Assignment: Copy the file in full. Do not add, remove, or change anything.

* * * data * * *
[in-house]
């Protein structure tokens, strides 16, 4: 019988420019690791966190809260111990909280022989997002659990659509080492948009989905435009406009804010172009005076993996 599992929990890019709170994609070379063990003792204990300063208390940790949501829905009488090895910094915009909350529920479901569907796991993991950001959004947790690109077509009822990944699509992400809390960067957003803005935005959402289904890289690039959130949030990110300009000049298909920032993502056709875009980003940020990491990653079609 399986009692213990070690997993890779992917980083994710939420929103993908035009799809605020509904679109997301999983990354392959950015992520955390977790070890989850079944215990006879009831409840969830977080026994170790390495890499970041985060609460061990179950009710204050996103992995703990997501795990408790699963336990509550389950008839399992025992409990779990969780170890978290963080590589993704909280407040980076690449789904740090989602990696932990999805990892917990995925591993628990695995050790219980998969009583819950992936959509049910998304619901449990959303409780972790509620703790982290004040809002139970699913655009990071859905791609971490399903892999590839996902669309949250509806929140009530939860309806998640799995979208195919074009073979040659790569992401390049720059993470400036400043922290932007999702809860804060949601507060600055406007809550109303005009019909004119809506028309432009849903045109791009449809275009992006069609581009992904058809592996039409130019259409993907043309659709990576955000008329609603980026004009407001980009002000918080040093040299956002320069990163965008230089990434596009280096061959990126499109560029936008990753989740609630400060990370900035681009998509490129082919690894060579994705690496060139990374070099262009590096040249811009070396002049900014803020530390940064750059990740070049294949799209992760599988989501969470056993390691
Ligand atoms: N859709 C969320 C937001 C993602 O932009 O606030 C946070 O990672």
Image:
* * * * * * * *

[in-house]
């Protein structure tokens, strides 16, 4: 019988420019690791966190809260111990909280022989997002659990659509080492948009989905435009406009804010172009005076993996 599992929990890019709170994609070379063990003792204990300063208390940790949501829905009488090895910094915009909350529920479901569907796991993991950001959004947790690109077509009822990944699509992400809390960067957003803005935005959402289904890289690039959130949030990110300009000049298909920032993502056709875009980003940020990491990653079609 399986009692213990070690997993890779992917980083994710939420929103993908035009799809605020509904679109997301999983990354392959950015992520955390977790070890989850079944215990006879009831409840969830977080026994170790390495890499970041985060609460061990179950009710204050996103992995703990997501795990408790699963336990509550389950008839399992025992409990779990969780170890978290963080590589993704909280407040980076690449789904740090989602990696932990999805990892917990995925591993628990695995050790219980998969009583819950992936959509049910998304619901449990959303409780972790509620703790982290004040809002139970699913655009990071859905791609971490399903892999590839996902669309949250509806929140009530939860309806998640799995979208195919074009073979040659790569992401390049720059993470400036400043922290932007999702809860804060949601507060600055406007809550109303005009019909004119809506028309432009849903045109791009449809275009992006069609581009992904058809592996039409130019259409993907043309659709990576955000008329609603980026004009407001980009002000918080040093040299956002320069990163965008230089990434596009280096061959990126499109560029936008990753989740609630400060990370900035681009998509490129082919690894060579994705690496060139990374070099262009590096040249811009070396002049900014803020530390940064750059990740070049294949799209992760599988989501969470056993390691
Ligand atoms: N859709 C969320 C937001 C993602 O932009 O606030 C946070 O990672």
Image: